Remote Window Close Notification in Firefox and IE

Discussion in 'Javascript' started by GEL, Jun 21, 2005.

  1. GEL

    GEL Guest

    Hi, I want to open a new browser window, let the user use that window
    for several minutes, and when they close, I'd like to change the page
    displayed in the original window.

    According to numerous articles found Googling, this should work, but on
    my WinXP system, using Firefox and IE, I get nothing (when allowing
    pop-ups, if pop-ups are disabled, IE reports the window is closed,
    Firefox gives a JS error on checking the window handle). No JS errors,
    no notifications, nothing. Any pointers would be appreciated.

    File 1 contains the code I'm using to open the window, to check for
    closure, and a form textarea that I update with the time (mostly so I
    know my timer is firing properly).

    ---- FILE 1 BEG ----

    <!DOCTYPE HTML PUBLIC "-//W3C//DTD HTML 4.01 Transitional//EN"
    "http://www.w3.org/TR/html4/loose.dtd">
    <html>
    <head>
    <title>Opener Page</title>
    </head>
    <body>
    <h1>Opener</h1>
    <form name="frmOutput">
    <textarea name="txtOutput" rows=5 cols=80></textarea>
    </form>
    <p><a href="javascriptstopChecking();">Stop Checking</A></p>
    <script language="Javascript">
    log("Start", true);

    var remoteWin = window.open("Remote.html", "remote", 'toolbar=no,
    location=no, directories=no, status=yes, menubar=no, width=795,
    height=500, resizable=yes, scrollbars=yes, screenx=0, screeny=0, top=0,
    left=0');
    var timer = null;

    function checkClosed()
    {
    log("Checking...", false);
    timer = setTimeout("checkClosed()", 5000); // Check every 5 seconds.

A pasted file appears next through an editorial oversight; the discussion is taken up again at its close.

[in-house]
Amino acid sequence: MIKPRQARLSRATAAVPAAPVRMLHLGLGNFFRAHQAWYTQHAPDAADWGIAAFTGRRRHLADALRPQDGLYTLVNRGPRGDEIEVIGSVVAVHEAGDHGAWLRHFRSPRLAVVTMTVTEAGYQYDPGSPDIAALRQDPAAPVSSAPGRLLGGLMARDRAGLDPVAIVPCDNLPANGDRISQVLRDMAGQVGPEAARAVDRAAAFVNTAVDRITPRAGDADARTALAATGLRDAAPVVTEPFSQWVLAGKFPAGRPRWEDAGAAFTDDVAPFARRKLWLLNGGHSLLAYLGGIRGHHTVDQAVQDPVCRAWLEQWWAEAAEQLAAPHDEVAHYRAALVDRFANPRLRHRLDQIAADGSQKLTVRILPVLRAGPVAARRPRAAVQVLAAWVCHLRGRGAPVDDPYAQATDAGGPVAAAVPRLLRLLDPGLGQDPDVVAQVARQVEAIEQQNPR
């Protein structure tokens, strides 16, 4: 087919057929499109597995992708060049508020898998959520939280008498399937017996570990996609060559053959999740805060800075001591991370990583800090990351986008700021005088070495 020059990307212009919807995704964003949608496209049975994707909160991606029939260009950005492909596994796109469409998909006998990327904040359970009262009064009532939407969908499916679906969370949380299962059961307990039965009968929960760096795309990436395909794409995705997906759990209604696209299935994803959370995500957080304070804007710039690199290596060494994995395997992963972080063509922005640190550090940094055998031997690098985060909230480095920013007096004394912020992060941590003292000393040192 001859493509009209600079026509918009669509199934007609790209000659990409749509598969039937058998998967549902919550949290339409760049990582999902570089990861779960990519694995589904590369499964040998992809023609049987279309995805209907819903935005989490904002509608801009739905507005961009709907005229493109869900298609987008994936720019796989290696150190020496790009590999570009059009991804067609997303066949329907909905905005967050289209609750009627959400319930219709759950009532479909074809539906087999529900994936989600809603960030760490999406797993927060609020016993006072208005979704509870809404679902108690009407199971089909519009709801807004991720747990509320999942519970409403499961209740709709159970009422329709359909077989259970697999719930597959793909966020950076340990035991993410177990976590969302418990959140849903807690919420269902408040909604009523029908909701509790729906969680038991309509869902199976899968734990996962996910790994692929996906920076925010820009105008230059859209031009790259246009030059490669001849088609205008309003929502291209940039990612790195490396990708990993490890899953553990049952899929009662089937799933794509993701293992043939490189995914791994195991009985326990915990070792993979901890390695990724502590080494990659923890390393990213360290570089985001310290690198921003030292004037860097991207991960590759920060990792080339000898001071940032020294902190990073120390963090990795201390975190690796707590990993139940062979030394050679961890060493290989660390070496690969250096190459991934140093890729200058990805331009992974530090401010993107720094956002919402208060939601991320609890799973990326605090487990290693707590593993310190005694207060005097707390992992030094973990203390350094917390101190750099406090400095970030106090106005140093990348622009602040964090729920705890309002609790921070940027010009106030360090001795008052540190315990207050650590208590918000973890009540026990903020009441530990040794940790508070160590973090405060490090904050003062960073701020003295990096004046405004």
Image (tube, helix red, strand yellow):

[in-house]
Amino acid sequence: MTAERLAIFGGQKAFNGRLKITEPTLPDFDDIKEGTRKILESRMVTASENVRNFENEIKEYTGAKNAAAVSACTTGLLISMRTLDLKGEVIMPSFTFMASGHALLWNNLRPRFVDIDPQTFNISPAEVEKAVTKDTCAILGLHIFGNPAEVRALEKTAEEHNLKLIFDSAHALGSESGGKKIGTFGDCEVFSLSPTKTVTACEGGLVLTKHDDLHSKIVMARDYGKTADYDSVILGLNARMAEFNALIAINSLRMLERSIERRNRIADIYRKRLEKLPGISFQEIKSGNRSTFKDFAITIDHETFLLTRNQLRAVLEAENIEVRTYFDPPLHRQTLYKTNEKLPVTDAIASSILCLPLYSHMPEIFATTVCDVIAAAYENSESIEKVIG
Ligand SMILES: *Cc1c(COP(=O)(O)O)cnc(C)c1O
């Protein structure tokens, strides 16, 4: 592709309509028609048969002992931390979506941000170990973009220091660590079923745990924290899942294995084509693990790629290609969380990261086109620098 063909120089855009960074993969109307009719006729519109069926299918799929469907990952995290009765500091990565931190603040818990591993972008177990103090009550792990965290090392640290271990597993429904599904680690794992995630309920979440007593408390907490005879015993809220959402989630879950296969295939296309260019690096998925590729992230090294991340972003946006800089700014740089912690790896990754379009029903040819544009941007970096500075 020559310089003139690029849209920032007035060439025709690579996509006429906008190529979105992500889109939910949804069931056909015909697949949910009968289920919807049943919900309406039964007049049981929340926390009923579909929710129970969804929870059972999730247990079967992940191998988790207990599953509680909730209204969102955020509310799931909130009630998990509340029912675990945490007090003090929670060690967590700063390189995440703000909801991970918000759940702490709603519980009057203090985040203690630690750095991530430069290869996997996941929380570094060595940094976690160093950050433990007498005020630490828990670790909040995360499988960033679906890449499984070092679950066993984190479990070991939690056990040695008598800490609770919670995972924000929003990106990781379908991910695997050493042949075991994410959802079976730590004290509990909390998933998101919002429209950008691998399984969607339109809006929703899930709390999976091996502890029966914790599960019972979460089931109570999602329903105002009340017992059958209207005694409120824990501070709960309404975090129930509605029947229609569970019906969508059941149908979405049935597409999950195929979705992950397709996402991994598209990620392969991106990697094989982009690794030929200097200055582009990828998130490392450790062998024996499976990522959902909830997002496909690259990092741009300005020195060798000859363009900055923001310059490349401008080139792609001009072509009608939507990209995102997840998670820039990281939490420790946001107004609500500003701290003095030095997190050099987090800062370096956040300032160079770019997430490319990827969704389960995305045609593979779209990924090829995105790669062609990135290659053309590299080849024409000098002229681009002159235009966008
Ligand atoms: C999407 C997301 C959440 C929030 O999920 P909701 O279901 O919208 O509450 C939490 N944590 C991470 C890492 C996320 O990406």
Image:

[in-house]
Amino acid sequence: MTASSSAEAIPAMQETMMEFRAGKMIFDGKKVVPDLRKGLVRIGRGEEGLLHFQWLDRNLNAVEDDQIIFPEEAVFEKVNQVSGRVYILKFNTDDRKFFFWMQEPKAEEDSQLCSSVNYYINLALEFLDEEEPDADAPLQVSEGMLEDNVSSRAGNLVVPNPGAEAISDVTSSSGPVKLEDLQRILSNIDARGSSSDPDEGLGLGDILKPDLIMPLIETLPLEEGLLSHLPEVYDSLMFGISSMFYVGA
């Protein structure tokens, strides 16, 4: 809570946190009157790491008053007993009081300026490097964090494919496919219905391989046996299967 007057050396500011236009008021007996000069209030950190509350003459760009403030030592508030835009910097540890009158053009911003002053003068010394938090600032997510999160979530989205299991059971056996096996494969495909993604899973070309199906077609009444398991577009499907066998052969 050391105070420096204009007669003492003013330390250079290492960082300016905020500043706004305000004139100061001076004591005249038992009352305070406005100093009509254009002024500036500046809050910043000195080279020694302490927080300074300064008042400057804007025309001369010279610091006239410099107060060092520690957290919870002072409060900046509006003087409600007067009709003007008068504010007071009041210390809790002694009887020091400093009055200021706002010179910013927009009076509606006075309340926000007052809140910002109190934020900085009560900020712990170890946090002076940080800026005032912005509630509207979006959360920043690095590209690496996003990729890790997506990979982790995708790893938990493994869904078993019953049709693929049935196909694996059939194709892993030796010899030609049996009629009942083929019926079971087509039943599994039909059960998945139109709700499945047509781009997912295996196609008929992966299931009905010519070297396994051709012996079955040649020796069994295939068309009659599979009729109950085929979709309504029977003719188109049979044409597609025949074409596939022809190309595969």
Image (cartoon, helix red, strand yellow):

if (!remoteWin)
    {
    alert("Window no longer exists");
    stopChecking();
    }
    else if (remoteWin.Closed)
    {
    alert("Window Closed");
    stopChecking();
    }
    }

    timer = setTimeout("checkClosed()", 5000); // Check every 5 seconds.


    function stopChecking()
    {
    log("Stop checking.", false);
    clearTimeout(timer);
    }


    function log(sText, bClearContents)
    {
    var d = new Date();
    var s = d.getFullYear() + "." + d.getMonth() + "." + d.getDate() + " "
    + d.getHours() + ":" + d.getMinutes() + ":" + d.getSeconds() + " " +
    sText + "\r\n";
    if (bClearContents)
    {
    document.frmOutput.txtOutput.value = s;
    }
    else
    {
    document.frmOutput.txtOutput.value = s +
    document.frmOutput.txtOutput.value;
    }
    }
    </script>


    </body>
    </html>


    ---- FILE 1 END ----

    File 2 contains some filler text. I can not change the source of this
    window (when live).
    ---- FILE 2 BEG (remote.html) ----

    <html><head><title>Remote</title></head><body><h1>Remote